by Vihari-Lala Mitra | 1891 | 1,121,132 words | ISBN-10: 8171101519
The English translation of the Yoga-vasistha: a Hindu philosophical and spiritual text written by sage Valmiki from an Advaita-vedanta perspective. The book contains epic narratives similar to puranas and chronologically precedes the Ramayana. The Yoga-vasistha is believed by some Hindus to answer all the questions that arise in the human mind, an...
Vishnu being gone, Gadhi began to wander again about the Bhota country, as a cloud continues to move about in the air.
2. Having collected many informations about himself in the life of the chandala, he betook himself again to the worship of Vishnu in the cave of a mountain.
3. In course of a short time, Hari appeared to him again; as it is his nature to be pleased with a little devotion, made with sincerity of heart.
4. The god spoke to Gadhi with as much complaisance, as the watery cloud addresses the peacock; and asked him what he wanted again by his repeated devotion.
5. Lord! I have again wandered about the countries of the Bhotas and Kirs for these past six months, and found no discrepancy in the accounts, they gave of me lately from the former ones.
6. Thou hast told me, Lord! all this to be mere delusion, (which prove to be positive facts by the testimony of every body). I know the words of the great, serve to dissipate and not increase the delusion (as it is done by thy words).
7. The Lord said:—It often happens that many things are of simultaneous occurrence at the one and same time; as the kakataliya sanyoga or the synchronous flying of the crow and the falling of the fruit upon him. Thus it was that the idea of the Chandala was of contemporaneous growth in the minds of all the Bhotas and Kirs as of thyself: as there are many men that are prepossessed with the same opinion with others, however wrong it may be.
8. It was by cause of this, that they corresponded with thy thoughts, and related thy story as thou didst reflect it thyself: because a cogitation or reflection of something cannot be otherwise at the same time (but it must appear to every body alike).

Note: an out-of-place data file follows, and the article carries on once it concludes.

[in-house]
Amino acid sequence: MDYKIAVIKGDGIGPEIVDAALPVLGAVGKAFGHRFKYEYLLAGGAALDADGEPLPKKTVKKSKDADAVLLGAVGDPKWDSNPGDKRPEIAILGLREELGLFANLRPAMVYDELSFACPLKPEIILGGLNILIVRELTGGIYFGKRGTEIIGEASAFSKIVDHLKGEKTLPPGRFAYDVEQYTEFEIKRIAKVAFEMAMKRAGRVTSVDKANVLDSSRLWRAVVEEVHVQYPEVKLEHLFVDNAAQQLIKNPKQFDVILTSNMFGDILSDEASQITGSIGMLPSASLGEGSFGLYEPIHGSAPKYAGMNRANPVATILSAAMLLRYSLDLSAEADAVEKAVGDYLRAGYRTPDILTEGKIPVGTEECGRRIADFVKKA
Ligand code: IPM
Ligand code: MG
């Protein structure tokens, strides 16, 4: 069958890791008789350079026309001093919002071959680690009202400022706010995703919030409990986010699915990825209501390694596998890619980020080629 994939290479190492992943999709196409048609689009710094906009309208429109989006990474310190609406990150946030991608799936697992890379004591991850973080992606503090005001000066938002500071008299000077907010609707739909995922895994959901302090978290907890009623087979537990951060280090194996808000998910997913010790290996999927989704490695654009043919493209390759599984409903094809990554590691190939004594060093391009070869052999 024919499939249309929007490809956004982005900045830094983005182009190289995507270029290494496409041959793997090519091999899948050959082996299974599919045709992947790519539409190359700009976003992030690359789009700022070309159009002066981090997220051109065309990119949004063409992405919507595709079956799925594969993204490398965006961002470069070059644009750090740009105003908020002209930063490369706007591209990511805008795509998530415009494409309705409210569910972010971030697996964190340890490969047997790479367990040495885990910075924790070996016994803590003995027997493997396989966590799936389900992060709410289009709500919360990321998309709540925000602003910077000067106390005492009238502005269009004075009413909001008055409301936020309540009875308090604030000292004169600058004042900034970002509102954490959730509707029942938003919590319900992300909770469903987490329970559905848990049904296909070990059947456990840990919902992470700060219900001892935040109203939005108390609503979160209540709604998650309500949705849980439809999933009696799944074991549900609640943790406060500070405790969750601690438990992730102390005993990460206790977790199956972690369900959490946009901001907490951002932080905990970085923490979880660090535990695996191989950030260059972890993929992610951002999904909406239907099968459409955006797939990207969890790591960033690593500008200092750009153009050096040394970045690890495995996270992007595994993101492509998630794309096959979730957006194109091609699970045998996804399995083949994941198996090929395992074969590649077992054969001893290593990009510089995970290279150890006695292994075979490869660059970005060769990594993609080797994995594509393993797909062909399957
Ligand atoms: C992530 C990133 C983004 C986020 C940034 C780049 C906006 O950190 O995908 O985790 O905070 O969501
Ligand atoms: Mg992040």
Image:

9. It is true that a Chandala had erected a house at the border of the village, which thou didst see to be now reduced to ruins; but it was an erroneous conception of thine, to think thyself the very man, and to have built the very house. (It was the mistake of thy personality for another, as it often overtakes the minds of many men).
10. Sometimes the same mistake lays hold on many minds, as the multitude is seen to be led astray, by the simultaneous current of the same opinions in many ways.
11. In this manner many men see at once the same dream, as the giddy heads of drunken men, fall equally into the same kind of dizziness at the same time, of seeing the earth and skies turning and rolling round them.
12. Many boys are seen at once to join in the same sport, and a whole herd of stags is observed to meet together in the same verdant field.
13. Many men are seen simultaneously to pursue the same employment, for the purpose of gaining the like object of their pursuit (as it is seen in the flight and fighting of an army for their safety or victory).
14. It is commonly said, that time is the giver (or producer) and obstructer of the objects of human pursuits as of all other events; but time is as quiescent as the supreme spirit, and it is the desire and exertion of people, that are the causes of their desired effects.
15. Time is a formless void, and is identic with the nature and form of the increate great Lord God himself. It is neither the giver nor taker of anything to or from any one at any time.
17. Men of deluded understanding are subject to the errors, arising from the like cause of their fallacy; and it was owing to this false conception, that the Bhota and Kiri people, fell into the very same error. (Like cause means, the same kind of bias or prejudice &c.).
18. Therefore employ thyself to do thy duty, and try to know thy true-self; get rid of the error of thy personality (as so and so), and move about as freely as I do by myself (as a free aerial spirit).
19. Saying this, the lord Vishnu disappeared from his sight; and Gadhi remained in his cave, with great perplexity of his mind.
20. He passed some months on the same hill, and then resumed his devotion to Vishnu with redoubled fervency.
21. He saw his god appearing again to his view, when he bowed down before him, and addressed him as follows:—
22. O Lord! I am quite bewildered with the thought of my Chandalship, and my reflection on the delusions of this world.
23. Do thou deign to extricate me from my errors, and employ me to the only act of adoring the Holy one.